Adolphe Menjou was an actor from the Golden Age of Hollywood. His book, It Took Nine Tailors (1948) has some great stories and insights about tailoring.
One surprise is how many fittings it took to perfect the flawless suits we associate with photos from the 30s:
On the screen the slightest flaw in the cut of a suit is exaggerated. Sometimes as many as eight or ten fittings and alterations are necessary to get a satisfactory fit. If I had bought my clothes at a special price, I would never have had the nerve to keep going back for additional fittings. As it was I never hesitated to go back, even a year later, if I was dissatisfied with a suit.
He lived something of a fantasy life in terms of all of the leading tailors he used.
I made a trip to England for the purpose of getting acquainted with London's great tailors and picking up new ideas in the designing of clothes. In fact, I took my new job so seriously that eventually I had clothes made by most of the great tailors in the world. That was why my wardrobe grew to such tremendous proportions. I tried all the best tailors in New York and in London, too. I had clothes made for me by Scholte, Anderson and Sheppard, Pope and Bradley, Leslie and Roberts, Plaidell and Smith, Birkenshaw and Knights, Poole, Sandon, the famous makers of breeches and riding clothes, and several others. I also tried the Italian tailor Caraceni, Caraterro in Madrid, and Knize of Berlin, as well as Larson and Pile in Paris.
Whenever I met a well-dressed man, I'd start talking clothes with him. On one trip to England the Earl of Portarlington told me about the firm of P. and J. Hag- gart in Scotland, who would manufacture tweeds to order. After that I couldn't be happy until I had made a trip to Scotland and had ordered special material for tweed suits.
His main tailor was Eddie Schmidt and his cutter Johnny Galupo, who made suits for many stars of the era:
Although I had dozens of suits made by London and Continental tailors, I found that Eddie Schmidt was as fine a creative tailor as any of them. Most of my experiments in clothing were made with the assistance of the elder Schmidt. One of the first things we tried was taking the buckram out of the lining of coats so that they could be draped with a little full- ness over the chest and the shoulder blades. It took a long time to make this style popular, but now one seldom sees anything but a draped coat. We also narrowed the sleeves of coats and elimi- nated the creases in them. Then we spread the top buttons on double-breasted suits so that the shoulder line was broadened; and we tried a number of other innovations that have become standard in men's clothes.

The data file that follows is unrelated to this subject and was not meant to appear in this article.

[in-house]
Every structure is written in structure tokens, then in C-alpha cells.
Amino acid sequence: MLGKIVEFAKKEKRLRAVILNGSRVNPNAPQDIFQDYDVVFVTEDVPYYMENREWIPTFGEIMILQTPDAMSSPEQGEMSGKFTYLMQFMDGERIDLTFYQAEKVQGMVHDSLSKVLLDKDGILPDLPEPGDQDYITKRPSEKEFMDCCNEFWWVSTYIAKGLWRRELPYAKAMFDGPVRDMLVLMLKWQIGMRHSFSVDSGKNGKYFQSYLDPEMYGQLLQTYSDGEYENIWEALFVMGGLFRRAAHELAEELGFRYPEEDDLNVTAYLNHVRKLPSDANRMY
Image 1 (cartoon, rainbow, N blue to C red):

The feeling of wearing new clothes:
Clothes have always had a wonderful influence on my physical well-being as well as my self-assurance. All I have to do to make me feel like a new and younger man is to order three new suits of clothes. My fur-lined overcoat gave me such a glow of health that very shortly after acquiring it I was able to enjoy the hazards of a Gargantuan studio cocktail party without a single twinge of pain.
A drunken fitting:
The most important man in a tailoring shop is the cutter. He is the one who is responsible for giving the customer a proper fit and for designing clothes that suit him. Although England is famous for its tailors, many of the best cutters are of other nationalities. I have known wonderful cutters who were Swedish, Italian, Spanish, even Greek. But no matter what their nationalities may be, cutters are much alike in many respects. They always seem to have the weight of the world resting on their shoulders, and a good many of them are heavy drinkers. I suppose they are disillusioned artists, embittered by the problem of trying to hide the strange and misplaced contours of the average male figure.
The first time I met a cutter who liked the bottle too well was in London. This chap was giving me a fitting, and I suspected that he was a bit under the influence but had no idea just how much he had consumed. "This won't do at all," I said, inspecting myself in the mirror. "I don't like the way the coat hangs." "Seems a bit of orlright to me, sir." "It's too loose," I insisted. "Hi wouldn't sy so, sir." "I tell you it won't do; it fits like Mahatma Gandhi's bed sheet." The cutter heaved a big sigh and said, "Hit 'angs like a bloomin' 'orse blanket, it does." With that he folded up on the floor, out like a light. The fitting was delayed for a few days, but the fellow finally made me a wonderful coat, even if it did have an aura of Scotch whisky about it.
Menjou's shoe closet: